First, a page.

“‘Oh yeah, of course we released it. We don’t want to hurt the animals,'” he said, mimicking the fishermen’s typical response. “But they’re using illegal actions that hurt the animals. Their heart’s in the right place, but their actions need to match it.”



Gear News

New from Fourth Element: the RF2 free diving wetsuit



The team at fourth element have introduced their latest freediving wetsuit, the RF2. Streamlined and high-performance, this two piece 6/5/4/mm suit has been developed for freedivers who want to enjoy maximum freedom and ultimate warmth.

Lined outer panels around the core, arms and legs provide durability, a Glideskin across the shoulders and the hood maximises hydrodynamics. This hybrid freediving wetsuit offers cool and cold water freedivers the freedom to explore their limits in comfort.

Director of fourth element, Paul Strike said, “We’ve designed this suit with the consultation of professional freedivers, instructors and with the knowledge of freedive suit specialists. The RF2 brings together fourth element’s knowledge of thermal protection with freediving expertise at the top of the sport to create a high performance recreational suit.”

The suit is both comfortable and practical, being more durable than traditional smoothskin suits whilst retaining excellent stretch and form fitting design. The inner of the suit has a smooth cell Metalite coating; this provides extra warmth retention and is more robust than traditional open cell.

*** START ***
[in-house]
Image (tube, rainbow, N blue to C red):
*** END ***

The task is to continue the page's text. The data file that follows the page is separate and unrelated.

Daan Verhoeven, Freediving Cameraman said, “The RF2 is possibly the best off-the peg suit I’ve ever tried. As soon as I got in the water, I instantly forgot the suit. I was just comfortable and could move without anything pinching or water coming in.”


  • Streamline cut optimising glide
  • 5mm comfort, flexibility and warmth
  • Open cell interior, lined exterior
  • Smoothskin outer hood and shoulders for extra hydrodynamics
  • Beavertail closure
  • Supratex seat panel for extra durability

RF2 Hooded Jacket and Leggings are available in sizes S – XL.

RF2 Hooded Jacket 6/5/4mm RRP: £229.95 GBP / €275.00 EUR

RF2 Leggings 5/4mm RRP: £149.95 / €179.00 EUR

Find out more at

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Marine Life & Conservation

Parineeti Chopra teams up with PADI to create Ocean Change



PADI® is thrilled to announce an exceptional PADI AmbassaDiver™: Indian actress, singer and PADI Advanced Open Water Diver Parineeti Chopra.

“A PADI AmbassaDiver is someone who is passionate about using their force for good to encourage others to protect our blue planet,” says Kristin Valette Wirth, Chief Brand and Membership Officer. “We could not have found a more respected and authentic partner as Ms. Chopra, a long time ocean lover, to advance our shared mission of saving the ocean. She is unmatched as a shining example of how to protect what you love – and inspire others to do the same.”

Chopra, who has always loved the ocean, experienced the magic beneath the surface in 2013 when she took her first breath underwater in Bali. As soon as she surfaced from that dive, she was hooked – and protecting the ocean became very personal for her, receiving her PADI Open Water Diver certification later that year in Palau. Since then, she has inspired others around the world, from her family and friends to fans in India– to try scuba diving so they can join her in seeking adventure and saving the ocean.